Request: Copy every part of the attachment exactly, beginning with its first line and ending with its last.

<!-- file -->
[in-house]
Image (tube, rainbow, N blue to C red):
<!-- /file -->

[in-house]
Image (tube, rainbow, N blue to C red):